In 1887, when both Boers and gold prospectors of all nationalities were overrunning his country, the Swazi Paramount chief Umbandine asked for a British resident, seeing this as a desirable and effective form of protection. His request was refused; the Residents of the governments of the United Kingdom and the dominions to a variety of protectorates include: In the Sultanate of Zanzibar, the second'homeland' of the Omani dynasty, since 1913. From 1913 to 1961 the Residents were the Sultan's vizier. There were Consuls and Consuls-general until 1963. In present-day Kenya, in the Sultanate of Witu, after the British took over the protectorate from the German Empire, which had itself posted a Resident. In British Cameroon, since 1916, in 1949 restyled Special Resident for Edward John Gibbons, who stayed on in October 1954 as first Commissioner when it became an autonomous part of Nigeria. In Southern Africa: when the military party sent from Cape Colony to occupy Port Natal on behalf of Great Britain was recalled in 1839, a British Resident was appointed among the Fingo and other tribes in Kaffraria until the definite establishment of British rule in Natal and its 1845 organization as an administrative entity, when the incumbent Shepstone was made Agent for the native tribes.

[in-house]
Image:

In kwaZulu, which since 1843 was under a British protectorate, after it became the Zulu "Native" Reserve or Zululand Province on 1 September 1879: two British Residents. Thereafter there were Resident Commissioners until Zululand was incorporated into the crown colony of Natal as British Zululand on 1 December 1897. in 1845 the resident'north of the Orange river' chose his residency at Bloemfontein, which became the capital of the Orange River Sovereignty in 1848. In 1854 the British abandoned the Sovereignty, the independent Boer republic of the Orange Free State was established in the Boer republic of Transvaal at Pretoria with the Matabele chief at Bulawayo in Ghana, with the rulers of the Asanteman Confederation, since it became in 1896 a British protectorate.